To achieve this the design code would offer a how-to guide on everything, from the composition of facades and the creation of streets to the harmonisation of scales and the distribution of open space. These are by no means radical ideas, merely ones that have been neglected in recent times: the use of traditional low-rise, high-density streets with clear fronts and clear backs in which it is easy to walk, for example; or the use of mixed residential, commercial and retail streets.
Modern principles for a housing crisis
Such principles are not commonplace in development currently but are vital in both the concept of autonomous walkable environments, creating a sense of community and social cohesion. They look to the use of busy street facades, bristling with variety with the power to improve neighbourly interactions; the use of modest front gardens or steps to the front door all of which increase social interaction and create a sense of place. The right use of green spaces can also provide benefits, while the simple use of street trees not only improves the aesthetic nature of design but is also proven to enhance mental health.
A clear thread ran straight through the document. Creating a sense of place equals happy and desirable communities. Take London for example. Although victim to the concept of urban sprawl, the capital benefits from a rather unique situation. Its vast growth over the last century has seen the subsequent swallowing up of many traditional villages and hamlets. Once set in rolling countryside, built with all the necessary functions to serve its autonomous community, the villages now play a fundamental role in forming the London we see today. Whether you visit Nunhead, Hackney or Islington, for example, you can’t help but be struck by the sense of place and community, despite modern architects’ best endeavours.
In order to highlight this, however, the commission used more recent developments such as Prince Charles’ Poundbury and Nansledan. This is an interesting example and poses an altogether different question. Are places such as Poundbury beautiful? Can a copy of something really be beautiful?
Ruskin’s interpretation of Poundbury would have been a fascinating one. Appreciation for the gothic elements, dotted around the site, would have quickly been replaced by bewilderment at what lay behind the facade.
A pastiche copy of something could certainly not be a thing of beauty in Ruskin’s eyes. In the world of art, it is an easy debate to be had. The experience of an individual when exposed to a copy of say the Mona Lisa differs exponentially in comparison to exposure to the real thing. Scruton’s argument, however, would be one based on the fact that if we are unable to offer anything new in its place, then the best option we have is to copy a tried and tested model.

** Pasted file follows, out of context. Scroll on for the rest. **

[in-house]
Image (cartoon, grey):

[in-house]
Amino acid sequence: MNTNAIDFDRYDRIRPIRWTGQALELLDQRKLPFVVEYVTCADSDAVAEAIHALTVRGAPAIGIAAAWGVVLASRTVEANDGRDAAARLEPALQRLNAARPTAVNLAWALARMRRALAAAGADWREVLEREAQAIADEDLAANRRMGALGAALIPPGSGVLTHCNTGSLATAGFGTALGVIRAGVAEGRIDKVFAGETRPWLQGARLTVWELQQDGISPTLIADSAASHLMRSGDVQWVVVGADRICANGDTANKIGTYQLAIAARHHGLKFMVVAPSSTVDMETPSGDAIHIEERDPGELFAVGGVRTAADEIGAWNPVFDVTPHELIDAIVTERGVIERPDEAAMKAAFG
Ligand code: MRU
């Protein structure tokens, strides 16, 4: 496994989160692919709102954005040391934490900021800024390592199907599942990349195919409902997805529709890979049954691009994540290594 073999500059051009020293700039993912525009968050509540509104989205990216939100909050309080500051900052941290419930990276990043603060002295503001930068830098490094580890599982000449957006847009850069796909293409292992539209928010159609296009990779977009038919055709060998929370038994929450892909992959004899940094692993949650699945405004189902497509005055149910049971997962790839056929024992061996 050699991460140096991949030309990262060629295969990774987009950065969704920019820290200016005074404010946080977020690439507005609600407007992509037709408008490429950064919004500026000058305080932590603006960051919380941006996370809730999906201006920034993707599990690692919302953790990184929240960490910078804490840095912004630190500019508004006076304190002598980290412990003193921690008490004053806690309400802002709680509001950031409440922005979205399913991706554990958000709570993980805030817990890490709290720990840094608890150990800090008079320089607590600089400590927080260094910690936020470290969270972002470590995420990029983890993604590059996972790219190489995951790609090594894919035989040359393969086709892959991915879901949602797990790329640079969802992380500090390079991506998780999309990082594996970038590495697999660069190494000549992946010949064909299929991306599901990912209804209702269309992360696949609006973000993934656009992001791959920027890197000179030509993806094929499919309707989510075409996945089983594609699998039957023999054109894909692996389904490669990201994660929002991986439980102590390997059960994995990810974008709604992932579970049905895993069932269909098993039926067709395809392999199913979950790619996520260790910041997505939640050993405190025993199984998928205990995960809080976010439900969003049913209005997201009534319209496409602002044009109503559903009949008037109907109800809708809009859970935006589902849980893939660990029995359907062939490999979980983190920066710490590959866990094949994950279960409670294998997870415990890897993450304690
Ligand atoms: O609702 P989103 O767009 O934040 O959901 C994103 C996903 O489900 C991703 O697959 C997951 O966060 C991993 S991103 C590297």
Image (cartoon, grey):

Maybe Ruskin’s stance on Poundbury would have loosened a little on the realisation of just how far aesthetics in architecture had slipped since his Victorian heyday.
Who knows. But one thing that we can be sure of is his appreciation of the idea that the elevation of the individual can be achieved through aesthetics. There are certainly examples of that at Poundbury. By creating a sense of place through good traditional design forms, individuals are able to find meaning and pride both within their own lives and the community around them. The flourishing local businesses within Poundbury, which contribute over £98m to the local economy, are a strong example of this.
Not only can you create better communities with such a design but you can also improve the country’s housing crisis delivery. I experienced first-hand, during my time with a volume house builder that, without doubt, the biggest cause of hold-ups in planning applications is the disagreement over aesthetics. Developers, at every opportunity, will try and utilise their standard design product, in a one-size fits all approach. This approach is, more often than not, met with popular resistance, causing substantial delays. As a result, the council is left between a rock and a hard place: approve the application and meet government housing crisis targets, or stand firm and uphold the vernacular values of the area but miss them.
By appreciating the aesthetic nuances of each area, this unneeded resistance will be removed, therefore allowing proposed developments to smoothly navigate the time-consuming planning system. The fear is not the idea of development growth itself, but the execution of that development – a fear that is rooted in the idea that, if resistance is not upheld, their charming town, stooped in vernacular history, may just become another version of Milton Keynes.
Hugo Owen is a former employee of one of the volume housebuilders.